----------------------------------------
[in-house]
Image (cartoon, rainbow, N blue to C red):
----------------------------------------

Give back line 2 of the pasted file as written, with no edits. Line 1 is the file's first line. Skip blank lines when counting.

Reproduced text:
Image (cartoon, rainbow, N blue to C red):